Christianity is a team sport.
– tons of pastors all over the place
I hear that and it makes me think I’m wrong. That I’m somehow messed up because I don’t want to be part of a big group of people. I prefer single sports over team sports.
I’d much rather play tennis, or swim, than participate in any team sport. There’s nothing wrong with team sports, they’re just not what I’m drawn to.
That phrase makes me feel like if i’m not going to church consistently, if I’m not part of a Christian group, I’m doing it wrong and probably aren’t even really doing it.
It makes me feel like Christianity is about showing up to group meetings. About being extroverted.
I kind of hate that. It makes me a little irritated every time I hear it.
There’s no piece of me that feels like I’ve got it all figured out, but I do feel fairly confident that there no authentic spiritual journey is rooted in attendance at a meeting.
Meetings are lame. Conference calls are lame. Lately church services feel something like a conference call to me. Now, I gotta confess, I’m never on conference calls. I haven’t ever sat through a whole call. But my husband is. A lot. Like all the time. And I’ve heard more than my fair share of them when he puts his phone on speaker. They make me crazy, and I’m not even required to be listening. They’re a gigantic time and energy suck in which someone tells everyone else something really important that they all either know already or doesn’t actually apply to them. And attendance is required!! How is this not optional?? Why can’t they say if you don’t know this key point yet, show up and we’ll tell you. How business leaders think this is the best way for their employees to be spending their time is beyond me. Treat your employees like they’re actual people with brains and goals and skills with which they’re desperate to make a contribution to the world. Quit thinking of them as a group entity that needs to be controlled and managed. Ugh.
I guess what I’m saying is that lately, sermons kind of feel like that to me. I’m not against sermons per se, I think they have the potential to be an awesome art form. I actually listen to them sometimes through podcasts. Just for fun. There’s a lot of potential there and they can be downright interesting especially when I can choose one that applies to me. But not when they’re required. And not when they’re lame. How many times has the speaker on Sunday morning had nothing really to say, but they know they’re expected to say something, so they do. And we all sit quietly and listen and do our part by keeping our church attendance streak up. Ugh.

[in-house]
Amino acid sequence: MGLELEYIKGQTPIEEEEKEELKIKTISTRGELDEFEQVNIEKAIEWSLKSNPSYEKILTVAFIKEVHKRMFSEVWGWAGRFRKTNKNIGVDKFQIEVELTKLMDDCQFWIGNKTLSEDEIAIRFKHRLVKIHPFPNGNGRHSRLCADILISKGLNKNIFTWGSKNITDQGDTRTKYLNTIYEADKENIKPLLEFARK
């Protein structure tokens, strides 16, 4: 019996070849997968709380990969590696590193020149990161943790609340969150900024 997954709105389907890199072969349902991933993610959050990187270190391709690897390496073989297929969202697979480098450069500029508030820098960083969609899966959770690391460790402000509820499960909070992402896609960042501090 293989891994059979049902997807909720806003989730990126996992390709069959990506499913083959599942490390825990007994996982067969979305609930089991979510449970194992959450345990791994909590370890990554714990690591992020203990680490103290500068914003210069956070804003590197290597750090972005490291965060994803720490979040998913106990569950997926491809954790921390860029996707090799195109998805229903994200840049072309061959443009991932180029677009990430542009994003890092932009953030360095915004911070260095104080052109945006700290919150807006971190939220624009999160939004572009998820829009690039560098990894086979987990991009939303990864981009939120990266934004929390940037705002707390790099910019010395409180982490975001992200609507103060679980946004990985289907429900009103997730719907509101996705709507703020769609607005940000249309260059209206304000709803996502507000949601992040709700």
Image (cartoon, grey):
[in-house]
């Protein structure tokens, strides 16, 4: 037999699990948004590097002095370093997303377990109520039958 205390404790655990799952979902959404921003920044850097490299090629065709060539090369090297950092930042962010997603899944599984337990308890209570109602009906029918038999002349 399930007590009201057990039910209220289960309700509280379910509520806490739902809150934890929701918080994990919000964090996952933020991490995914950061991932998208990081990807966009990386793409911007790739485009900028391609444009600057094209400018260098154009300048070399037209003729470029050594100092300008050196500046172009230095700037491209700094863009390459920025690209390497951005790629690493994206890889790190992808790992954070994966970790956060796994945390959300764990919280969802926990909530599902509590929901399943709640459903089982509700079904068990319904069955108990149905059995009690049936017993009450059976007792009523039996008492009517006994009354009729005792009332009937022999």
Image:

I’m also not against the group singing that so often happens in church services. It’s a little weird if you think about it. Especially if you can think about it from outside the “this is my norm” bubble. Who meets up weekly to sing songs together? Singers, sure. But just the general public? No one does that. It’s a little weird. Maybe people should though. There’s something awesome about it. It’s like that magical feeling at a concert where the band pauses and the crowd continues the song…it feels good and magical and right. It’s transcendent and I’m totally for it. (I am against a lot of the lyrics that we sing, both in church and at concerts, but that’s an issue for another day.)
If conference call sermons are what people are referring to when the say christianity is a team sport, no thank you. Truthfully, I know that they’re not. They’re pretty sure you need to be regularly interacting with other christians and they want to help you so they provide these handy meetings. They know that the people you surround yourself with influence you more than you are aware of. And they’re concerned about people going off the deep end theologically. At least that’s what they’ve told me when I asked.
Eh. I’m not so concerned.
I think I’m much more interested in making some dinner and finding some people who are willing and able to talk kindly and openly about the things they really think and are experiencing. People who have brains and goals and skills and who desperately want to use them to affect the world.
That doesn’t feel like a team sport to me. That feels like tennis.